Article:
Go to this blog to find out how to cast spells for good luck here:

Since it is Halloween, I thought I’d post an extract from one of my ghostly horror short stories – Daub – it’s in my anthology Glimmer, which just happens to be on offer for only 99c! You can purchase a copy here: https://www.amazon.com/dp/B00H89AN1M

From Daub:

Isabelle fell back onto her ankles and covered her mouth with her hands. She heard a muffled sobbing come from the place where she had seen the child squatting the night before, and shuffled away. She looked at the wall. The yellowing plaster moved in and out like sickly lungs and Isabelle saw a small mouth appear. It opened and closed as if trying to suck in air and said, ‘When can I come out?’

‘What? Who’s speaking?’

‘It’s me mama, Roland. Can I come out now, it’s too hot and I can’t breathe. Mama? Mama, where are you? Mama!’ The child’s voice became hysterical and it shrieked the last, ‘Mama’ so loud that Isabelle thought her eardrums would bleed. She felt something tickle her wrist, looked down and saw the imprints of five small fingers on her skin.

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If you want to know more about my work, visit my website: 

or my Amazon page: 

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WANT SOME FREE SCARY BOOKS FOR HALLOWEEN?

What makes your flesh crawl?

Spiders?

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flies?

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Creepy crawlies?

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If you enjoy a good scare then this Scare-alicious collection of YA tales will give you the chills. As the spooky season approaches wouldn’t it be gruesomely fun to have some creepy reads? If you like horror, eerie, sinister and strange, then this selection of books and stories are for you. Plus they are all FREE!!!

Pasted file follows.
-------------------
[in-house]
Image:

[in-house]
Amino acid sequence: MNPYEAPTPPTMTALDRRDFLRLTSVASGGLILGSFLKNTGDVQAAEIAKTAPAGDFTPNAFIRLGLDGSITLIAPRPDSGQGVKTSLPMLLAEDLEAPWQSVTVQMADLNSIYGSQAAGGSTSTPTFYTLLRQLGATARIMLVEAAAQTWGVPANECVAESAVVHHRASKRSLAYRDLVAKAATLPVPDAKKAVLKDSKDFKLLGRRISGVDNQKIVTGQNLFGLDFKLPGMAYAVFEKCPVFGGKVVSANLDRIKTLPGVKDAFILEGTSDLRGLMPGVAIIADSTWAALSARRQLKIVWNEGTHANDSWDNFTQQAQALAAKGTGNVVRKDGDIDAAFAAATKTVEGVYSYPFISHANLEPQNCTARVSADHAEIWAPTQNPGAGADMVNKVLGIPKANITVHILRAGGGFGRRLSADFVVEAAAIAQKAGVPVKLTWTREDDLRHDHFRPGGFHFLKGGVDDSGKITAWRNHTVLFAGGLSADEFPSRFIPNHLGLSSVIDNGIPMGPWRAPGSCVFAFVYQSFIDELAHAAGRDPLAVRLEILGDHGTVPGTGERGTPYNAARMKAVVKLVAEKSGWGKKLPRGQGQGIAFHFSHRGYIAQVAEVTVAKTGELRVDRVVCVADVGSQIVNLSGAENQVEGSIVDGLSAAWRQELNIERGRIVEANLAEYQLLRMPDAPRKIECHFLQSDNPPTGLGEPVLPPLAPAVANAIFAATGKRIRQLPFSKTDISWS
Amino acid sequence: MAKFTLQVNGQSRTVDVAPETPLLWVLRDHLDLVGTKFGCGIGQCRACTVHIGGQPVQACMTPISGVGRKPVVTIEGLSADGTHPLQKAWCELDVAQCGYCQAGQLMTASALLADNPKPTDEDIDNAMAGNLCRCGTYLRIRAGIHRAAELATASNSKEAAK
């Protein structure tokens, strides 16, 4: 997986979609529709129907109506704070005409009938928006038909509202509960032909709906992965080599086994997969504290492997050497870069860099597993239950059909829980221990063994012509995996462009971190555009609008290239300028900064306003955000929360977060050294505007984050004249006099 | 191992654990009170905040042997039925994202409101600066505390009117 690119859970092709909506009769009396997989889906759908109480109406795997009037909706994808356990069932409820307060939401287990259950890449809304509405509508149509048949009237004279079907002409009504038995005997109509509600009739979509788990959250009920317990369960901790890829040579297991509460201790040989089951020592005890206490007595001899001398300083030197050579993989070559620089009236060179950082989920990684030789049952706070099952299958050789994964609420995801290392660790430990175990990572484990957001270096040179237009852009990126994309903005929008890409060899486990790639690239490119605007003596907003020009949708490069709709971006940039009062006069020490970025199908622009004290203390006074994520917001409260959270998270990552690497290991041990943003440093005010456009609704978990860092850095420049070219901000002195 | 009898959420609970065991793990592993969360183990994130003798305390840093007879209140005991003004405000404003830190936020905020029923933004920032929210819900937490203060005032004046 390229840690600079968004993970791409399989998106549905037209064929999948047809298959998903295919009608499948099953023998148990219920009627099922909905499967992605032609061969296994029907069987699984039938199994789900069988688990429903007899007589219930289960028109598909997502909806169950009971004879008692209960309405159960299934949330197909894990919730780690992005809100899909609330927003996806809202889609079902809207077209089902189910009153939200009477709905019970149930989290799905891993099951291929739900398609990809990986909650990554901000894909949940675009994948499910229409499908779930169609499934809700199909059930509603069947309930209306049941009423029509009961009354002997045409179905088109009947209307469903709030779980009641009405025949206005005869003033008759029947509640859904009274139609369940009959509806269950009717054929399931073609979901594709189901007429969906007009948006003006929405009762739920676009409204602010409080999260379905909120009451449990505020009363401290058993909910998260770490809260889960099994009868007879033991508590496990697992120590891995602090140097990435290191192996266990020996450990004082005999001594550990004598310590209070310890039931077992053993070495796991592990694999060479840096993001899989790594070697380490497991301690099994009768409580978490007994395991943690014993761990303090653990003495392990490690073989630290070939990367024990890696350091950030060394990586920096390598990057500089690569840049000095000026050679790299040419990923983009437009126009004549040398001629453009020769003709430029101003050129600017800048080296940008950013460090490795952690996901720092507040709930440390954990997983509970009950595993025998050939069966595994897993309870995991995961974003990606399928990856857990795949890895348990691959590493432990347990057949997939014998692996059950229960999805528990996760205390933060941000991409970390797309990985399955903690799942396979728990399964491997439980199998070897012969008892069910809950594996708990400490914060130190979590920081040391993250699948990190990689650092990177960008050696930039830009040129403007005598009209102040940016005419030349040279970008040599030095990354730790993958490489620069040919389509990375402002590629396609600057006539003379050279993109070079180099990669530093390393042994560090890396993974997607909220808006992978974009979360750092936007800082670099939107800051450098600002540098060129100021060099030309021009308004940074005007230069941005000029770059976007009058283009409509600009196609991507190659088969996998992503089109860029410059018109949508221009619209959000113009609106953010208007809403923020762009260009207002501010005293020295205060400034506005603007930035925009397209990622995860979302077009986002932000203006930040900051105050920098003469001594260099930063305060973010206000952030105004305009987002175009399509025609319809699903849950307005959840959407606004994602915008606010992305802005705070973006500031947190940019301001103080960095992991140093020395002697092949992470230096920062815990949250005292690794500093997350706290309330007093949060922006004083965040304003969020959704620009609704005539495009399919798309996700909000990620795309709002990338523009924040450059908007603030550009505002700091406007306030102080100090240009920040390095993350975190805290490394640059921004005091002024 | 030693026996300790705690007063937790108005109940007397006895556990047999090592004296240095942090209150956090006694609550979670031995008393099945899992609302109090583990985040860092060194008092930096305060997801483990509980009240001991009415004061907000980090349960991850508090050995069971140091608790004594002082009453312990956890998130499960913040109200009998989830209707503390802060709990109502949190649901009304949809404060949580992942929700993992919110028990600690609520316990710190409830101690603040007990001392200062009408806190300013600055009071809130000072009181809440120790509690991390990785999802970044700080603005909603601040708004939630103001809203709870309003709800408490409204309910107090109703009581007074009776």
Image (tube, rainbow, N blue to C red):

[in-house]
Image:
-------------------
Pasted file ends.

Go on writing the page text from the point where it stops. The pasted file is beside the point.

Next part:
You will have to sign up to the author’s newsletter to get them, but hey, would that be so bad? Who knows you may just find a new author to follow.

My novelette Changeling Fog part of The Song of Forgetfulness Sci-fi/dystopian series, is there for you to enjoy.

So, why not click on the  link below to get your gnarled fingers on some truly spine-tingling reads.

https://books.bookfunnel.com/scarealiciousya

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If you want more strange and  weird stories, check out my anthologies:

Glimmer: myBook.to/Glimmer

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Crow Bones:  myBook.to/CrowBones

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Happy Halloween!!

Have you heard about Women in Horror Month? Author spotlight – Angeline Trevena

To celebrate Women in Horror Month

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I am hosting an author spotlight on Dystopian Horror writer – Angeline Trevena and her book The Bottle Stopper, Book 1 of The Paper Duchess Series.

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I tend to think of myself as one of the unlikeliest horror writers you’ll ever meet. I am terrified of spiders, the dark, the sight of blood. Much of my day is spent creeping round the house investigating sounds that absolutely must be either an intruder or a ghost.

AHHHH!!!  A SPIDER!!!!!sacophage-2

After all, I once had a nightmare after watching the Eddie Murphy film ‘Coming to America’. Yes, really.

Yet, fate found it funny to make me one of the biggest horror fans going. Ever since my brother introduced me to the classic horrors of the 70s and 80s when I was a teenager, I’ve been hooked.

Despite that, I was a late comer to the likes of Stephen King and Clive Barker, not picking up their books until my 20s. But once I did, I made a pretty quick shift from reading fantasy, to reading the kind of books that had me jumping at every bump in the night.